Ankier, a “retired clinical pharmacologist who took up Nazi war crimes research” — previously known for making unfounded accusations only against Ukrainians in England — is cited as single-handedly inspiring AP’s story. Based on a tip from this Wiesenthal wannabe, the Associated Press launched a frantic worldwide search for proof and, in a stunning development, found the alleged war criminal “hiding” in plain sight.
“It was not clear why Karkoc felt safe publishing his memoir,” AP wrote, “which is available at the U.S. Library of Congress and the British Library and which AP located online in an electronic Ukrainian library.”
It isn’t clear? How about this? He did nothing wrong. He never lied. He’s not afraid of the truth.
AP searched for evidence on two continents. Reporters located documents in Polish archives, German archives and American archives. They contacted the Polish, German and U.S. governments even before their story was published. They found Soviet witnesses, German sources and Polish evidence.
And after all that international travel, after searching in all those dusty archives, after obtaining all those “secret” documents — the Associated Press was forced to admit that “records do not show that Karkoc had a direct hand in war crimes …”!
Unfortunately, this inconvenient truth didn’t prevent AP from charging that “statements” and “documents” confirm “the company he commanded massacred civilians” and suggest that “Karkoc was at the scene of these atrocities.”
Which is it, Associated Press? It can’t be both.
Only one man, Teodozy Dak, was ever tried on such charges. In 1972, based on “witnesses,” “statements” and “evidence” produced by the Soviet government, Dak was convicted in a Polish communist court for his alleged war-crimes. But even if the credibility of that trial were unquestionable, it is entirely irrelevant. There is no record that Karkoc had a hand in any war crimes. His name has never appeared before. It did not appear at the Dak show trial in Poland 41 ago, and it has never appeared since — until the accusations made by Associated Press.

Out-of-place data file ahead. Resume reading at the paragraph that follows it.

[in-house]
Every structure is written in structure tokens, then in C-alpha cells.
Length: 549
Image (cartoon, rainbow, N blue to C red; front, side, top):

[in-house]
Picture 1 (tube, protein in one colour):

• • •
Germany, Italy, Denmark, Holland, Norway, Belgium, France, Greece, Luxembourg, Albania, Serbia, Croatia, Montenegro, Latvia and Lithuania all had Nazi-collaborationist governments or parties. Yet today, none of them warrant war-crime investigations or prosecutions. The German government even granted amnesty to convicted former Nazis living in East Germany at the time of German reunification. Apparently, there are no more war criminals available in the countries that perpetrated the horrors of World War II and the Holocaust.
There was never a collaborationist government or party in Ukraine. There were only millions of the Nazis’ victims. My father wasn’t a “top-commander of Nazi-SS led unit.” He was a freedom fighter leading others who, like him, were willing to lay down their lives for freedom. He was a partisan guerrilla, an anti-Nazi and anti-Communist Ukrainian nationalist. According to AP, in Ukraine “such men are today largely seen as national heroes who fought for the country against the Soviet Union” and enjoy an “exalted status.”
Which is it, Associated Press? It can’t be both.
The only “evidence” AP uncovered about my father’s wartime activities comes from his own memoirs. In them he describes service in the German army, and talks about why and how he deserted. He describes his motivation and role in defending his native Ukraine by joining the Legion of Self-Defense. He describes his participation in negotiations to “collaborate” with the Germans while holding a live grenade in his coat pocket. He describes his travel to Warsaw and the armistice negotiated between the Legion and the Polish underground. He describes his journey at the end of the war, and the surrender by the 1st Division of the Ukrainian National Army to the U.S. military.
Most importantly, his memoir is dedicated to the memory of family, friends and fellow countrymen whose hopes for freedom and independence were destroyed, and who died during the horrors of war, from fratricide, or as sacrifices to the terror of Nazi and Communist occupation. It describes an incredible story of survival, death, life, luck, his faith in God, his devotion to family and his undying love for Ukraine.
My father is not a criminal, and never was. He is a hero, who by the grace of God managed to survive the unimaginable.
So far, the only thing Associated Press has “proved” is that everything Michael Karkoc wrote in his memoir is true. My father did nothing wrong. He never lied. And he’s not afraid of the truth.
Sadly, the same cannot be said about the Associated Press.
Andrij Karkoc lives in Minneapolis.